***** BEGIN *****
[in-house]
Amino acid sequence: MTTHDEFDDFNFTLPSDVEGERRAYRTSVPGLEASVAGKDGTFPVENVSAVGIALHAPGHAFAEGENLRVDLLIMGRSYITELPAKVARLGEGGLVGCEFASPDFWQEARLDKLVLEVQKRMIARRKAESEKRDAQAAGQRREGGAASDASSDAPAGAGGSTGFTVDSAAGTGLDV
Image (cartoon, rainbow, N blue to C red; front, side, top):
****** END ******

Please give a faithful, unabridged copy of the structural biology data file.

[in-house]
Amino acid sequence: MTTHDEFDDFNFTLPSDVEGERRAYRTSVPGLEASVAGKDGTFPVENVSAVGIALHAPGHAFAEGENLRVDLLIMGRSYITELPAKVARLGEGGLVGCEFASPDFWQEARLDKLVLEVQKRMIARRKAESEKRDAQAAGQRREGGAASDASSDAPAGAGGSTGFTVDSAAGTGLDV
Image (cartoon, rainbow, N blue to C red; front, side, top):